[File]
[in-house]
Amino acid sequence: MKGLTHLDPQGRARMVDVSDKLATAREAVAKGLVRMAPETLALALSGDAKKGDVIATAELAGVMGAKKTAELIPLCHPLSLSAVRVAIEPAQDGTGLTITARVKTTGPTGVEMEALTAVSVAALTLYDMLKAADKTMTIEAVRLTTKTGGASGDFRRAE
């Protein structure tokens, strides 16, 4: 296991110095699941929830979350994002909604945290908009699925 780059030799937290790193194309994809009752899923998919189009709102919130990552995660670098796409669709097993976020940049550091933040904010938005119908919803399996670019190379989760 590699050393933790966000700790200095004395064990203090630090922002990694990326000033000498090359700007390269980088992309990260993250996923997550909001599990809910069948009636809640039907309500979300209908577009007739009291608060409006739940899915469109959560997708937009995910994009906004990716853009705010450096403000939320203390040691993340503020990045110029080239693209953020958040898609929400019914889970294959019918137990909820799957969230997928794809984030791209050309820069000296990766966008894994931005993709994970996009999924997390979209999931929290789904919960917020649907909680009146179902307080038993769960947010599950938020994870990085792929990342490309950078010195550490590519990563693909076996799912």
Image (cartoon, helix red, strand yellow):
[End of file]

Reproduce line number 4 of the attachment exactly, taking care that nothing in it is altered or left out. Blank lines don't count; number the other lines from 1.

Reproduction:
Image (cartoon, helix red, strand yellow):